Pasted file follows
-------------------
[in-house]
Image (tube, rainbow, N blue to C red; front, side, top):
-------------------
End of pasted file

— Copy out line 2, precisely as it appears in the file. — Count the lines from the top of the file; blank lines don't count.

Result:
Image (tube, rainbow, N blue to C red; front, side, top):